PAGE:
ART REVIEW : Tansey’s Talent to Amuse : Mid-Career Survey at County Museum


Mark Tansey’s paintings describe philosophical conundrums, sometimes with wit and always with intelligence.

Yet, they’re most notable for a frankly peculiar tone, which registers its odd chord somewhere between world-weary ennui over the reigning intellectual doctrines of the day and an unearned certainty about the artist’s own direction that seems principally predicated on old-fashioned faith. Tansey’s work is at once enormously likable and distinctly unexciting.

The mid-career survey that opened Thursday at the Los Angeles County Museum of Art offers 25 paintings from the past dozen years by the New York-based artist. Thoughtfully organized and installed by curator Judi Freeman, the show has been wisely laid out in a thematic rather than chronological manner. Tansey’s art is gently polemical, and the thematic focus makes sense.


Tansey employs an illustrational style, often based on photographs, to create impossible or incongruous scenarios. (Think of Magritte.) Not exactly Surrealist, they trace a certain ancestry to Parisian art before World War II.

A kind of disjunctive, cerebral collage of images, the pictures are given a unifying seamlessness through a strict use of monochrome oil paint. Black and white, when they turn up, typically function as neutral shadows and highlights, or as an echo of black-and-white photography. Indeed, whether the monochrome is red, violet, blue or green, his paintings emphasize a photographic look.

A 1990 picture of the influential contemporary philosophers Jacques Derrida and Paul de Man engaged in intellectual struggle at the dangerous edge of a romantically inspired cliff, composed of printed type, is entirely blue. A visual iciness prevails.

“Doubting Thomas” (1986) is a contemporary fellow whose car is pulled over to the side of a mountain road, so that he might kneel by the asphalt to insert his hand into a jagged fissure, perhaps caused by earthquake or frost, that has split the road in two. Flaming red, the picture registers an ominous heat.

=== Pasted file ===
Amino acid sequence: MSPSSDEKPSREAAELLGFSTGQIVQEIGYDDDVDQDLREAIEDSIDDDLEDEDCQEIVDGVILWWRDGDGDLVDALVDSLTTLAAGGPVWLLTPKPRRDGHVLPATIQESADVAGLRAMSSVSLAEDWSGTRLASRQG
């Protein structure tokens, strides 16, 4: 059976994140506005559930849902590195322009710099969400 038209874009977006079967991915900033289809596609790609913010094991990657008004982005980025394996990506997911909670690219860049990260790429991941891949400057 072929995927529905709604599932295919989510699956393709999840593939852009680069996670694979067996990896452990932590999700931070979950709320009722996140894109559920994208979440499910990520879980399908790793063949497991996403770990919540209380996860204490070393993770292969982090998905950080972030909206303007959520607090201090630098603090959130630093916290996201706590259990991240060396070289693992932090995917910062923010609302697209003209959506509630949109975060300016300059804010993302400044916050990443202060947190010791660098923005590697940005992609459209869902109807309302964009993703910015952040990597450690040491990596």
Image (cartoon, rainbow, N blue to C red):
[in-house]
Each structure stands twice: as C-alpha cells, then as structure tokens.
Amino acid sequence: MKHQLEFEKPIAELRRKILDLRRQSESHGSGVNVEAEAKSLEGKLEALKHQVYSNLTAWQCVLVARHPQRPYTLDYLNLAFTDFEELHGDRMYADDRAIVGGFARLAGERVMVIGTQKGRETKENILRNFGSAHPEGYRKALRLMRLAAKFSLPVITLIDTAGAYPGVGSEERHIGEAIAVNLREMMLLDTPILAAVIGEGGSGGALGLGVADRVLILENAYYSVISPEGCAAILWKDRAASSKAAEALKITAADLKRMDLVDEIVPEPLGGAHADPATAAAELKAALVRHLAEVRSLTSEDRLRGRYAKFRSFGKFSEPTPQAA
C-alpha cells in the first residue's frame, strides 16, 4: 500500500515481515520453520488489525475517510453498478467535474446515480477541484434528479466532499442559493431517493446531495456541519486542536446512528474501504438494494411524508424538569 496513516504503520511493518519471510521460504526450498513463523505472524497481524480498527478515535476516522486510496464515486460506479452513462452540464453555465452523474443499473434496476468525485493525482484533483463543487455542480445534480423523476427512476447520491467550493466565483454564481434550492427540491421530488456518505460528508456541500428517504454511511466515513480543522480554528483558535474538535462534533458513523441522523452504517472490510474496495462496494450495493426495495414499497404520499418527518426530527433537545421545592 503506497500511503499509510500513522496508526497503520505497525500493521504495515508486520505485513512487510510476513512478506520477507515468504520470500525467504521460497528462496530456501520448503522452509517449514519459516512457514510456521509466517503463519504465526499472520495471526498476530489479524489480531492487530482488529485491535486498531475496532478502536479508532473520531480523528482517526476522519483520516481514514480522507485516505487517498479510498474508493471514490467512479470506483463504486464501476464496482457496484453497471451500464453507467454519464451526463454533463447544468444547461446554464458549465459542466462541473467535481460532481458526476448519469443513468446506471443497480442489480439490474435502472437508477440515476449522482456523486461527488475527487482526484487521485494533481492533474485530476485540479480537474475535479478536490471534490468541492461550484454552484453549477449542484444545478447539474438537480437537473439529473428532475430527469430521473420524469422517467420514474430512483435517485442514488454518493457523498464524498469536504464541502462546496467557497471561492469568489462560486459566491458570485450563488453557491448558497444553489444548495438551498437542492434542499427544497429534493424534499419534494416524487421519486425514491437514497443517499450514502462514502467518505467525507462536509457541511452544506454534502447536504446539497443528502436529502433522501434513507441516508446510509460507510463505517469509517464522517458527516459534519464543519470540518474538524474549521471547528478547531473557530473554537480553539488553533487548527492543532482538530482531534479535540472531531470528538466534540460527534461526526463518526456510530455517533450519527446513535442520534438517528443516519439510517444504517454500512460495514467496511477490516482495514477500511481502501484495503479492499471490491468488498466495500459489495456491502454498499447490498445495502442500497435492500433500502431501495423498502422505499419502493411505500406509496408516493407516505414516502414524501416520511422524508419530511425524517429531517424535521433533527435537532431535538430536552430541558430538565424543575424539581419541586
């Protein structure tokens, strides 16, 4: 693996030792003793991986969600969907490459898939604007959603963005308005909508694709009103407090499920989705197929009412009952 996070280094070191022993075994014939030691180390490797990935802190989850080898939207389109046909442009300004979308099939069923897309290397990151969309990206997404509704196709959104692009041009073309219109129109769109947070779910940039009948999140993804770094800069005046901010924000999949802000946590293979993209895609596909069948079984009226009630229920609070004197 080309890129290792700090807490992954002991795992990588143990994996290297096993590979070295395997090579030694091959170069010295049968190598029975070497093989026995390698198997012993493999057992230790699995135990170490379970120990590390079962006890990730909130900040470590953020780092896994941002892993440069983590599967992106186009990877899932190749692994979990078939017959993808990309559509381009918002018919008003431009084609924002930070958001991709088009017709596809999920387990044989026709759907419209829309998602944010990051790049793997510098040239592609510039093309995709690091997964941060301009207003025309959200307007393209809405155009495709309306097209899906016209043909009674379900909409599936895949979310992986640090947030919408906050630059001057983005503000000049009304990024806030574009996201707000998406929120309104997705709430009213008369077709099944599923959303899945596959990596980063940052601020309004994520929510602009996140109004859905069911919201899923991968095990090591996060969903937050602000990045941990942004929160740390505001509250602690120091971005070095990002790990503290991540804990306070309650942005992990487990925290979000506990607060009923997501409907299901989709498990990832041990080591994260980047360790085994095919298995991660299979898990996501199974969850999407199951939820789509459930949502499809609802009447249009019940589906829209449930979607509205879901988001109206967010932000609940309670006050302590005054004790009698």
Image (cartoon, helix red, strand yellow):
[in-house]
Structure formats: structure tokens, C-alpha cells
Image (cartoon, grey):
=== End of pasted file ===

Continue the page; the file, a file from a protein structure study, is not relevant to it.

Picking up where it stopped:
The black and white of the amusing “The Innocent Eye Test” (1981), in which a stuffy group of gentlemen (university professors? officious bureaucrats?) has brought in a cow to gaze at a life-size Realist painting of a bull, seems obviously designed to call attention to photography. The pervasiveness of modern image-making machinery, which instantly became a principal player in art’s Victorian tussles over Truth to Nature, is central to Tansey’s art.

Tansey’s limited palette can be put to complex effect. “Triumph Over Mastery II” (1987) employs only red and white. The picture shows a modern painter standing on a ladder and wielding a paint roller. With broad sweeps of whitewash, he covers over Michelangelo’s famous mural “Last Judgment,” from the Sistine Chapel.


The modern artist’s whitewash has so far obliterated the heavenly host, and it’s now sweeping across the torso of the commanding figure of Christ, having already erased the upraised hand with which he saves souls or damns them. Like Michelangelo’s image of the Savior, the painter on the ladder is a bare-torsoed man of action who, with comprehensive gestures, redeems or condemns.

Pictorially, the result is an encroachment of blank, white canvas, symbol of a modern era that spans Russian avant-gardist Kasimir Malevich in the ‘teens and American Minimalist Robert Ryman today. Tansey infers an erasure of publicly engaged moral argument from 20th-Century art.